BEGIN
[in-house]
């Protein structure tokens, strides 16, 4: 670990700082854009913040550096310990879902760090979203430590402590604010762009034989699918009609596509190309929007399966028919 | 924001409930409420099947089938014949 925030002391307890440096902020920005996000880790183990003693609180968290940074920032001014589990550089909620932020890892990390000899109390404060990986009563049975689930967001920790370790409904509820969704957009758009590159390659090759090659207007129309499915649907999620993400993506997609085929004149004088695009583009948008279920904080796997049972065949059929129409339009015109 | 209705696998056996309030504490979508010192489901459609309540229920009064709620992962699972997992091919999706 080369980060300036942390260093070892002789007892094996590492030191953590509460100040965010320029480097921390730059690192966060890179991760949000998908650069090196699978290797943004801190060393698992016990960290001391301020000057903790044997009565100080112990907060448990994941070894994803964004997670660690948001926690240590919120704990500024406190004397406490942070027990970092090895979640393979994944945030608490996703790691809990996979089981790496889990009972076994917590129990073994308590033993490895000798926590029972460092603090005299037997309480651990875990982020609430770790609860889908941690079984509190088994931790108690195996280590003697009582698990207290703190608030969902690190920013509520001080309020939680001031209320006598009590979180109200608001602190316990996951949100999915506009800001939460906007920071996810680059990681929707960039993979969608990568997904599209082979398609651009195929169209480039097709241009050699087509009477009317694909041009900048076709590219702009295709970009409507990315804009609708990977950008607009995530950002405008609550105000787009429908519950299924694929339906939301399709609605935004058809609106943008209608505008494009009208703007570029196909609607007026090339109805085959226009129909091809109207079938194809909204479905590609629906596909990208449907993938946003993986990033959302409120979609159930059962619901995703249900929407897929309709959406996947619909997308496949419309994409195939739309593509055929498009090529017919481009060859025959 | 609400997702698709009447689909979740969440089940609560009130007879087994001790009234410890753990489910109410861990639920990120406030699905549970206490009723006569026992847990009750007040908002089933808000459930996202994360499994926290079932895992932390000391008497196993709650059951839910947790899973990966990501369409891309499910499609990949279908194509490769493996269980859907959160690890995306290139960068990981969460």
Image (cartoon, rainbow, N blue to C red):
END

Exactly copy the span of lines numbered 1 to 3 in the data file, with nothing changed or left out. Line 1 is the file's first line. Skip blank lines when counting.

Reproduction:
[in-house]
């Protein structure tokens, strides 16, 4: 670990700082854009913040550096310990879902760090979203430590402590604010762009034989699918009609596509190309929007399966028919 | 924001409930409420099947089938014949 925030002391307890440096902020920005996000880790183990003693609180968290940074920032001014589990550089909620932020890892990390000899109390404060990986009563049975689930967001920790370790409904509820969704957009758009590159390659090759090659207007129309499915649907999620993400993506997609085929004149004088695009583009948008279920904080796997049972065949059929129409339009015109 | 209705696998056996309030504490979508010192489901459609309540229920009064709620992962699972997992091919999706 080369980060300036942390260093070892002789007892094996590492030191953590509460100040965010320029480097921390730059690192966060890179991760949000998908650069090196699978290797943004801190060393698992016990960290001391301020000057903790044997009565100080112990907060448990994941070894994803964004997670660690948001926690240590919120704990500024406190004397406490942070027990970092090895979640393979994944945030608490996703790691809990996979089981790496889990009972076994917590129990073994308590033993490895000798926590029972460092603090005299037997309480651990875990982020609430770790609860889908941690079984509190088994931790108690195996280590003697009582698990207290703190608030969902690190920013509520001080309020939680001031209320006598009590979180109200608001602190316990996951949100999915506009800001939460906007920071996810680059990681929707960039993979969608990568997904599209082979398609651009195929169209480039097709241009050699087509009477009317694909041009900048076709590219702009295709970009409507990315804009609708990977950008607009995530950002405008609550105000787009429908519950299924694929339906939301399709609605935004058809609106943008209608505008494009009208703007570029196909609607007026090339109805085959226009129909091809109207079938194809909204479905590609629906596909990208449907993938946003993986990033959302409120979609159930059962619901995703249900929407897929309709959406996947619909997308496949419309994409195939739309593509055929498009090529017919481009060859025959 | 609400997702698709009447689909979740969440089940609560009130007879087994001790009234410890753990489910109410861990639920990120406030699905549970206490009723006569026992847990009750007040908002089933808000459930996202994360499994926290079932895992932390000391008497196993709650059951839910947790899973990966990501369409891309499910499609990949279908194509490769493996269980859907959160690890995306290139960068990981969460």
Image (cartoon, rainbow, N blue to C red):